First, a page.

BRISBANE, Australia -- Rafael Nadal had cautioned his legion of fans to temper their expectations surrounding his "impossible" tennis comeback, and while his first professional match in almost 12 months ended in defeat, there were plenty of signs to suggest the Spanish superstar can feature prominently in what looms as his final tour Down Under.

The 22-time Grand Slam champion returned to the court for the first time in 347 days Sunday at the Brisbane International, teaming up with compatriot Marc Lopez in the men's doubles -- a combination that delivered Spain gold at the 2016 Olympic Games. However, the duo was outmatched by the all-Australian team of Max Purcell and Jordan Thompson, who won 6-4, 6-4 in just 73 minutes.

While reaching the finish line of this match unscathed should have been the first major checkbox for Nadal to tick, there were plenty of other reasons to be encouraged by his performance. Nadal, who arrived in Brisbane looking lean and fit, showed no signs of rustiness, holding his first service game inside two minutes to delight the capacity crowd.

Rafael Nadal in action at the Brisbane International. Bradley Kanaris/Getty Images

Nadal's mobility didn't appear to be hampered in any way, either. He was comfortable tracking down balls from behind the baseline, something which confirmed his pre-tournament comment his body was feeling "much better than expected." Nadal also displayed sweet timing on several crosscourt backhands, cat-like anticipation at the net and was near-perfect with his overhead volley.

But the most significant takeaway from Nadal's return may well have been the enjoyment he seemed to be getting from simply gracing the court once more. A smile was plastered on his face from the moment he strode onto Pat Rafter Arena, and it never disappeared. And it's not difficult to understand why.

Nadal had been sidelined since injuring his left hip flexor during a second-round loss to American Mackenzie McDonald at January's Australian Open. It was a devastating blow for Nadal, who had entered the Slam as the reigning champion and lasted just 36 hours before suffering yet another injury setback.

It wasn't a completely new injury for Nadal, who had battled several hip-related concerns throughout his career. Nadal would undergo arthroscopic surgery to clean the fibrotic and degenerated areas of the tendon, as well as having it stitched to reinforce and strengthen the tissue. Nadal's surgery also included repairing the labrum of his left hip, which had been injured in the previous season. Ultimately, his rehabilitation would force him to miss almost the entirety of 2023, the longest injury layoff of his glittering career.

Spain's Rafael Nadal serves against Australian pair Max Purcell and Jordan Thompson in Brisbane. Photo by PATRICK HAMILTON/AFP via Getty Images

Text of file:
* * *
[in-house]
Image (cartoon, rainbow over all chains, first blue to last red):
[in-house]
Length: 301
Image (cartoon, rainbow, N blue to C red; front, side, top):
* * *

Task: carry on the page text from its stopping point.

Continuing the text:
"If I thought about retirement during that period of time, of course, yes. I went through a lot of things [that were] pretty bad," Nadal confessed in Brisbane when asked if he pondered retirement during his extended layoff. "I did not miss the competition, because all this time my body was not ready to compete. What I missed was to be healthy; to wake up and not have pain.

"At some point I decided to keep going. Then I just began working day by day without thinking much and doing the things I have to do. It's impossible to think about winning tournaments today. What's really possible is to enjoy the comeback. I don't expect much -- one year without being on the court."

Nadal's encouraging doubles hit-out follows impressive practice sessions against long-time rival Andy Murray and world No. 8 Holger Rune, the latter heaping praise on Nadal for how quickly he's been able to get himself back up to speed.

"The intensity he brings is incredible. I've been playing a very intense pre-season and a very intense end of season [but] that was probably the hardest practice I've had the last half year," Rune said of Nadal. "We were hitting and he was hitting strong, then we started points and I thought he was moving very well. I thought he played unbelievable."

Nadal's focus will now shift to Tuesday's singles where he will face 2020 US Open champion Dominic Thiem -- who had to go through qualifiers in Brisbane -- in the first round. Nadal owns a 9-6 head-to-head record against Thiem, though the pair haven't played each other in over three years.

Rafael Nadal speaks at a press conference at the Brisbane International. WILLIAM WEST/AFP via Getty Images

The Nadal comeback tour is unlikely to be for an extended period, with the 37-year-old having already declared the 2024 season is "probably going to be my last year on the professional tour."

The likelihood is Nadal would play the French Open in May, a tournament he has won a record 14 times, back up at Wimbledon in July, and make the following month's Olympic Games in Paris the final event of his illustrious career.

"I can't have super long-term goals because I don't see myself playing a super long time," Nadal said. "I don't know how things are going to keep going. I'm not a player who tries to predict what can happen. I need to accept the adversity and that it's not going to be perfect, just come with the right spirit every day."